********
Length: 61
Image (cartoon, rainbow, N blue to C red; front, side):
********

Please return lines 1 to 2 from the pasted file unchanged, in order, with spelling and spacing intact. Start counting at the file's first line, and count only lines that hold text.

Length: 61
Image (cartoon, rainbow, N blue to C red; front, side):